Re: Simulation argument in the NY Times

From: Gwern Branwen (
Date: Wed Aug 15 2007 - 23:38:26 MDT

On 0, Norman Noman <> scribbled:
> On 8/15/07, Henry Wolf VII <[1]> wrote:
> The problem with those assumptions is that you only have access to one
> game. There are still plenty of 2D games available. If you only have
> access to that one 2D game, you would assume that there were only two
> dimensions and time. This ignores that there may be many more that we
> can't yet perceive. Looking back fifteen years, you would assume that
> the universe only has sixteen colors.
> Most 2D games still have the APPEARANCE of a third dimension, and most 3D
> games have action confined to a surface. It's fairly clear in both cases
> that they are made to be played on a 2D screen, and thus by 3D people.
> Our one instance in this "universe" is nowhere near enough to
> extrapolate accurately to an outside universe. If this is a simulation,
> the beings that created it would be post-singularity level beings. Due
> to the nature of the singularity, their existence is currently
> impossible to describe.
> It seems to me the very fact that they are "post-singularity level beings"
> is the beginning of a description. If indeed they are, then many more
> predictions might be made, because while a post-singularity entity could
> be and do almost anything, what it WOULD do depends on the original
> optimization target of whoever orchestrated the singularity, and whether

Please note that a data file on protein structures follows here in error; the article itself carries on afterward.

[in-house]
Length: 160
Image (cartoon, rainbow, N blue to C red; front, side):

> something went wrong and that target became corrupted.

Seems to me that even using 'beings' is stretching matters. I've been thinking about this and trying to apply the anthropic principle.

If we are not in a simulation, then the universe seems to be computable in general (per our observations). If we are in a simulation, then whatever universe is outside the simulation must at least allow for the simulation to run (otherwise we would not be making observations of computable phenomena), and so at least allows of computable phenomena. This is not to say that the outside universe must be computable in general as well! I'm not sure what a universe that mixed incomputable with computable stuff would be like - stranger than you or I could imagine, probably - and so this isn't really a useful argument.

But I don't think this is useless speculation. I've noticed a lot of suggestion that the simulations could be recursive, but one could argue that it's unlikely that there will be nested total simulations of the universe. If simulating an entire universe requires properties stemming from being uncomputable (say being able to carry out an infinite amount of computation in a finite time?), then obviously any simulation wouldn't be able to conduct its own total simulation of a universe. Or if they did, inhabitants of *that* simulation would discover limits to the simulation set by the conventional and finite resources available to the 1st simulation's inhabitants.

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